In David’s story, what drove Nathan the prophet was God sending him. Today, it is our love for both the Lord and his church and our love for the person who is doing wrong that compels us. The guilty wants to be left alone. They feel that your intrusion into their world is unloving. It’s just the opposite. If we didn’t care, we’d let them drive their life off the cliff. The very reason we care puts us on the front lines of trying to turn them around. It makes us the punching bag of ridicule, anger and wrath from a guilty heart that has been exposed.
Why do we do this? Because it’s the right thing to do. The one lost sheep was sought after. The lost coin was looked for. This is what God does and this is what God’s people do. Also, this is what we’d want others to do for us. We’d hope that no one gave up on us. We’d hope for second chances. We’d hope that someone would lovingly confront us and get us to see the sin in our heart.
Who stands in the shadows of Nathan today? Godly parents do. You have a teenager? You’ll probably wear the shoes of Nathan as you try to get that teen to develop their own faith and make godly choices in their lives. Shepherds do, as well. The work of shepherds is binding up the broken and healing the sick. It’s going after the scattered and helping those who have made a mess of their lives. It means giving up evenings and Saturdays. It means phone calls and meeting with people. It’s many hours that the church never knows about. It’s pouring your heart into helping others. You do this because it’s the right thing.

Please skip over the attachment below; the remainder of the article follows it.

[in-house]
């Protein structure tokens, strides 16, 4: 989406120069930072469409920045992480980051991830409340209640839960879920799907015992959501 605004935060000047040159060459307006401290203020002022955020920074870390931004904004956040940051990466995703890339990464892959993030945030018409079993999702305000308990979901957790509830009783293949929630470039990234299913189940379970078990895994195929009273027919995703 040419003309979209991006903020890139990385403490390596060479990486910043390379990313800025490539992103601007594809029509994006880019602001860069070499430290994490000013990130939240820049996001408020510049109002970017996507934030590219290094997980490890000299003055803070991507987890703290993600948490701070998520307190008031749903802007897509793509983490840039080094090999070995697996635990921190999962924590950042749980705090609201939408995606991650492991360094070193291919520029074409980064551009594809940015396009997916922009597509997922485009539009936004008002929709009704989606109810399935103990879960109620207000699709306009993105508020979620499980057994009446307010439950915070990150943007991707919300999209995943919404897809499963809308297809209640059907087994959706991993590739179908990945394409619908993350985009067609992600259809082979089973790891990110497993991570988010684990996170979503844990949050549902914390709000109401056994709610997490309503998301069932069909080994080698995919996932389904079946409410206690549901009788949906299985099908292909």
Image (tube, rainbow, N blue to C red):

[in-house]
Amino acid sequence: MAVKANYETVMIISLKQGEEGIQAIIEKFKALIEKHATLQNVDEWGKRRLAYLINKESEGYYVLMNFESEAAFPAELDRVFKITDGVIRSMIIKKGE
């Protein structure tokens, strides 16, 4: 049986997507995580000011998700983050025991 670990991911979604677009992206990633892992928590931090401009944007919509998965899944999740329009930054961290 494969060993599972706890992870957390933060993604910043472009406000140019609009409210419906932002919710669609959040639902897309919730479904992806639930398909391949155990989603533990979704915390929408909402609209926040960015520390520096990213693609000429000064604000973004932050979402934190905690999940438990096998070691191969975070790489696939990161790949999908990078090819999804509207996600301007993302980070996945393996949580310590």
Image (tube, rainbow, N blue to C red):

The Galatians were told, “you who are spiritual, restore such a one…” You who are spiritual. That ought to be many of us. We want to be spiritual. We claim to be spiritual. Yet, when this tough task arises, suddenly, we don’t want to stand with the spiritual. The unspiritual shouldn’t be involved. They’d mess things up. They’d say the wrong things in the wrong way. They would threaten. They would destroy. Yet, it’s the spiritual who understand Jesus. It’s the spiritual who know grace and forgiveness.
David was smart, strong and seeking the heart of God. David wrote most of the Psalms. How easy it would be to assume, David knows. He’ll get it. He’ll figure this out. He didn’t. God sent Nathan to David. Leaders need Nathan’s in their lives to remind them, encourage them and help them.
Years later, David named one of his sons, Nathan. Interesting. David seemed to be thankful for the Nathan in his life. His problem wasn’t with Nathan and it wasn’t even with God. It was with his own heart. There was no one to blame but self. There was only one finger to point and it was at himself.
The story of David turns positive after this. He recovers strong. He becomes useful, godly and helpful once more. He becomes the David that we have fallen in love with. Named among the heroes in Hebrews 11, David’s life was saved because of God working through Nathan the prophet.
Throw out the life line—we need each other. We need honesty. We need compassion and love. We need folks who care enough to do the tough stuff. God bless the Nathan’s in our lives who help us get back to God. And, God bless the David’s who have the right heart to turn and follow the Lord.
In a perfect world, we’d never need Nathan. But the world isn’t perfect and we certainly are not.